I Don't Smoke EP,
BY REUBEN "JUDAH" TORRES
So, in looking to approach Matias Aguayo’s latest output critically, I narrowed the focus to three possibilities: 1) Matias Aguayo as a continually evolving and chameleonic figure in dance music, 2) the influence of Cómeme, as the atypical, Latin-friendly tech-house label, and 3) Rebolledo, do you have a cigarette? No, I don’t smoke. LOL! Fortunately, there was no need to settle on just one, as there is enough eclecticism on I Don’t Smoke to serve every one of these avenues.
“Dance Machine” starts off the record with the sultry house rhythms of yore, blending all too well with the current state of retromanic, four-to-the-floor dance music, which is now so prevalent on both sides of the pond (see: Miracles Club and Teengirl Fantasy for some less Euro-centric examples). A clang here, a drum machine there, and “Cómeme Riddim” is exactly what its title portends, a measured tribute to that certain Kompakt sub-label. “Niños,” on the other hand, is one of the more off-kilter pieces in the lot and speaks to Aguayo’s penchant for working disparate sounds laterally.
In many ways “I Don’t Smoke” is the quintessential Matias Aguayo track, with the kind of sophisticated, subtly sexual (if somewhat blasé) restraint that has followed him since his days in Closer Musik. The tounge-firmly-in-cheek quality of the track’s sole vocal hook would feel right at home among Cómeme’s ample in-joke repertory (see: Rebolledo’s "Guerrero"). Though seemingly banal in style and execution, its consistently hypnotic simplicity holds well against repeated listenings, equally effective as a stay-at-home headphone number or a comedown for hectic dancefloors.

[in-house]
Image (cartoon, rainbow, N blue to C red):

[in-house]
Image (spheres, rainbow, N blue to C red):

It’s hard not to see the autochthonous “Kuddle Riddim,” one of two digital bonuses included, as a remnant of the Latin-infused BumBumBox parties that bore the Cómeme label. However, rather than take a ubiquitous sound, namely tribal (or 3ball, depending on whose school you subscribe to), and lend it the typical Matias treatment, it is simply included as a reference rhythm, presumably for less-than-saavy DJs looking to appear exotically au courant. I Don’t Smoke is not so much an EP as it is a couple of solid tracks accompanied by a decent set of DJ tools. Its scattershot character serves as an apt manifestation of an increasingly multifarious producer. There is enough material on here, however, to spark genuine interest in Aguayo’s future ventures. That is, if he ever decides to stop touring.
I Don't Smoke EP,